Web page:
Summary judgment in favor of defendant-attorneys is common; summary judgment in favor of the plaintiff-client is rare. Genesis Merchant Partners, L.P. v Gilbride, Tusa, Last & Spellane, LLC 2017 NY Slip Op 30430(U) February 27, 2017 Supreme Court, New York County Docket Number: 653145/2014 Judge: Nancy M. Bannon is an example of plaintiffs’ case, well-played.
“In this action to recover damages, inter alia, for legal malpractice, the plaintiffs move pursuant to CPLR 3212 for summary judgment on the issue of liability on so much of the first cause of action as alleges that the defendants committed legal malpractice in failing to perfect security interests in certain life insurance policies, and dismissing the defendants’ counterclaims for unpaid legal fees. The defendants oppose the motion. The motion is granted. ”
“The plaintiffs established their prima facie entitlement to judgment as a matter of law on the issue of liability on so much of the legal malpractice cause of action as is premised on the failure to perfect security interests in the insurance policies. A cause of action to recover for legal malpractice requires proof “that the attorney failed to exercise ordinary reasonable skill and knowledge commonly possessed by a member of the legal profession and that the attorney’s breach of this duty proximately caused plaintiff to sustain actual and ascertainable damages.” Rudolf v Shayne, Dachs, Stanisci, Corker & Sauer, 8 NY 3 d 4 3 8 I 4 4 2 ( 2 0 0 7 ) . Where, as here, an attorney fails to properly record a security interest or mishandles an express task for which he or she was engaged, it is a per se breach of the standard of care, and does not require expert testimony to establish a prima facie case, since ordinary experience of a fact finder would provide a sufficient basis for judging the adequacy of the professional service rendered. See Lory v Parsoff, 296 AD2d 535, 536 (2~d Dept. 2002); Deb-Jo Const., Inc. v Westphal, 210 AD2d 951, 951 (4th Dept. 1994); S & D Petroleum Co. v Tamsett, 144 AD2d 849, 850 (3rd Dept. 1988). A security interest in a life insurance policy may not be perfected by filing a UCC-1 financing statement with the Secretary of State (see ucc 9-109[d] ), but only by the actual possession of the original policy or the delivery of a properly executed collateral assignment to the underwriter of the policy. See Matter of Bickford, 265 App Div 266 (3rd Dept. 1942). Moreover, the plaintiffs established, prima facie, that the defendants’ failure to properly perfect the security interests in the policies proximately led to the plaintiffs’ inability enforce a lien on the policies after Progressive defaulted, and that the plaintiffs were unable to collect from Progressive in their Connecticut breach of contract action. Cf. Gladstone v Ziegler, 46 AD3d 366 (lsc Dept. 2007) (plaintiffs established liability, but could not demonstrate, prima facie, that their attorney’s failure to perfect a security interest proximately caused damages) . ”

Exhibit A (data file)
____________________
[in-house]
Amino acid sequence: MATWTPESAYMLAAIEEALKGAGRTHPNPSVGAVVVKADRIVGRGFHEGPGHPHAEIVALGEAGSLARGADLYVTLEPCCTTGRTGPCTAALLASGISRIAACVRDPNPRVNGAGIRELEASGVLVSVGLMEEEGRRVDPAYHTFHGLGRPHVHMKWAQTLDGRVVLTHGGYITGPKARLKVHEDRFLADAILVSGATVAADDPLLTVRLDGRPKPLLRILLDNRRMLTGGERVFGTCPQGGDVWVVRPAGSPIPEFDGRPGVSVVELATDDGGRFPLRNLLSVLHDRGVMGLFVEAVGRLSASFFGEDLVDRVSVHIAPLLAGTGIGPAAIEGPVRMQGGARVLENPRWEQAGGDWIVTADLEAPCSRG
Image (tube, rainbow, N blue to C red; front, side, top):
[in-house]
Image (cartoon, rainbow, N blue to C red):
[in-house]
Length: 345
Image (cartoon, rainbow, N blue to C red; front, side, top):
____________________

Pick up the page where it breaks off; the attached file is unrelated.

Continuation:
“Rule 1.2(c) of the Rules of Professional Conduct provides that “[a] lawyer may limit the scope of the representation if the limitation is reasonable under the circumstances, the client gives informed consent and where necessary notice is provided to the tribunal and/or opposing counsel.” Generally, where the scope of representation is properly limited, an attorney may not be held liable for his or her failure to undertake a task that falls outside of the scope of representation. See generally AmBase Corp. v Davis Polk & Wardwell, 8 NY3d 428, 435 (2007). The court, however, rejects the defendants’ contention that their submission is sufficient to defeat summary judgment. Even if there are factual disputes as to whether the defendants received any limiting instructions from Kelly and whether Kelly had authority to bind the plaintiffs with respect to the scope of representation, the plaintiffs established that the defendants, by filing the UCC-1 statements and billing the plaintiffs for that work, voluntarily assumed the obligation to perfect the security interests. Where one assumes a duty to act, the failure to perform the act in a proper fashion constitutes a breach of the assumed duty, and may render the actor liable in negligence. See Applewhite v Accuhealth, Inc., 21 NY3d 420, 431, 434 (2013); Palka v Servicemaster Mgt. Servs. Corp., 83 NY2d 579, 587 (1994); Podesta v Assumable Homes Dev. II Corp., 137 AD3d 767, 769 (2nd Dept. 2016); see generally Katz v United Synagogue of Conservative Judaism, 135 AD3d 458, 461 (1st Dept. 2016). Therefore, where a fiduciary, by its conduct, voluntarily assumes the obligation to properly deliver to, or file documentation with, a particular entity or governmental agency, the fiduciary’s failure to timely or properly deliver or file the documentation constitutes actionable negligence if it proximately causes damage to the plaintiff. See Nilazra, Inc. v Karakus, Inc., 136 AD3d 994, 996 (2nd Dept. 2016) (failure to file a certain notice with the Department of Taxation & Finance); see also AG Capital Funding Partners, L.P. v State Street Bank & Trust Co., 5 NY3d 582, 594 (2005) (failure to deliver secured indebtedness statement to a bank); Podesta v Assumable Homes Dev. II Corp., supra (failure to record partial satisfaction of mortgage) .”